Summer is here… apparently. With a British summer comes a myriad of opportunities to capture that perfect photograph. Colours become more vivid, the sun takes longer to cross the sky and the streets and fields are full of exciting events and fresh subject matter. Take a step out of your comfort zone this season and read on for our top tips for experimenting this summer.
Get out into the landscape
Heading to the beach this weekend? Take your camera. Popping to the park for a picnic? Pack the camera. A country retreat, festival outing or long walk by the river… you’re guaranteed to be out and about more as the warmer weather continues so why not try taking your camera along and shooting some scenes you wouldn’t normally focus on.
Use that natural light – but don’t be afraid to add to it
Longer days and stronger sunlight means the world is awash with picture perfect light in summer, however, don’t let that stop you from using your flashgun to help illuminate faces and features. If your target is backlit by a beautifully sun-filled scene, chances are their face is in shadow so be sure to consider methods to fill the foreground with light.
Experiment with a polarizing lens
A polarizer helps bring out the white clouds in an otherwise blue sky, cuts down on reflections in water and boosts saturation. It’s not often you want to turn blue skies into black ones but why not experiment with this mood-creating lens during the harsh-lit summer months. Use a slower shutter speed, wider aperture or higher ISO than normal to allow for the lens’ light absorption and really give your colours a boost.
Try shooting in monochrome
Bright light lends itself particularly well to high contrast photographs that look great in black and white. Try architectural subject matter in an urban landscape to get a different look from your city and for the best results shoot RAW and JPEG images simultaneously with your camera set to monochrome. This way you’ll see how the scene looks in black and white, but have plenty of data for making monochrome conversions later on.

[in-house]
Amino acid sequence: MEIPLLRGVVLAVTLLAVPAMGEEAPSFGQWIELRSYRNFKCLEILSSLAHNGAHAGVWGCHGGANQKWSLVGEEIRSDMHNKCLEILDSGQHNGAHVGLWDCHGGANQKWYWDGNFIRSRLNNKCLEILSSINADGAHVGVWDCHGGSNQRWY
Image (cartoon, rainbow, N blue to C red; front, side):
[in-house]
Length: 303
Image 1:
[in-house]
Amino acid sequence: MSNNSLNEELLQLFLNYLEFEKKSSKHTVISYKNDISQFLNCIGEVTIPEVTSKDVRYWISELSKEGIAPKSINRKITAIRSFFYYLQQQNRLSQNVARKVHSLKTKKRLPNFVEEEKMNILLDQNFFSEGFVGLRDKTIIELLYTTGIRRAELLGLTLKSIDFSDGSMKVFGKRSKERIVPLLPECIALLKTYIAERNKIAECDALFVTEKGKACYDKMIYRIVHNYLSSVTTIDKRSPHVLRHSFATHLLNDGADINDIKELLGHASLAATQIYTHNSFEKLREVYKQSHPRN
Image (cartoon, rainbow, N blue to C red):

Extend your High Dynamic Range
In summer the strong sunlight can mean a dramatic ratio between the brightest and darkest areas in your composition. Using your tripod, shoot three or more shots at different exposures and combine them later in Photoshop to create intense HDR photographs.
Try different times of day
Got a favourite spot? Take advantage of the warmer weather and set up your tripod for a whole day to capture your subject matter in different lights. Sunrise and sunset are particularly popular in summer but you may find your target bathed in light that hits at just the right angle at other times. Learning how to interpret where the sun will hit your subject and when will help you master your timing.
Seize control of the bad weather
British summers aren’t always what we bargained for in terms of non-stop sunshine and humid heatwaves but why not take control of the opportunities when the inclement weather hits and turn them to your advantage? Try photographing areas normally teeming with people during a heavy downpour; capture the flowers and trees immediately after a storm or photograph the moody, deserted beach as the rain-laden clouds pour in.